At the Mathematics Department at Royal Holloway we’ve started to read Persi Diaconis’ lecture notes *Group Representations in Probability and Statistics*. Chapter 2 of his book presents an interesting take on representation theory, in which the essential object is a matrix-valued Fourier transform. I found it helpful to think about how this definition relates to (1) Fourier coefficients of complex functions and (2) group algebras and algebra homomorphisms.

Here is Diaconis’ definition. Let be a finite group and let be a function. (In practice, is often a probability measure on , but we don’t need this for the definition to make sense.) Let be representation of ; that is, is a group homomorphism from into the group of invertible matrices. The *Fourier transform* of at the representation is

So the Fourier transform is a function *from* representations *to* matrices.

(1) All this works fine if we take , provided we replace the sum with an integral and require the functions to be periodic, say with period . (So really we are looking at representations of the unit circle.) For each we may define a representation by

(The right-hand side is a -matrix.) If is a periodic function, then, according to Diaconis’ definition, the Fourier transform of at is the matrix with entry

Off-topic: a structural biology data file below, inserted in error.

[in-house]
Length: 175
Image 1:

Up to scaling factors, this is one of the Fourier coefficients of . The coefficient above measures the correlation of with the function . In the general setup, we can define, and measure, the correlation of a probability distribution on a finite group with a matrix representation of that group.

(2) To explain the group algebra, I’ll use the example where is the symmetric group on set . The *group algebra* of over consists of all formal -linear combinations of the elements of . For example, one element of is

The product in comes from the group , so for instance

where denotes the identity element of .

The interesting thing is that if we identity probability measures with elements of , then the product in the group algebra corresponds to the convolution product on probability measures

Moreover under this identification, the Fourier transform with respect to a representation becomes an algebra homomorphism from into the algebra of all -matrices. So, as we’d hope, the Fourier transform of a convolution of two functions is just the product of the Fourier transforms of each function. In symbols:

The previous equation can be checked without reference to the group algebra in a few lines; still it’s nice that there is a decent algebraic explanation for why it holds.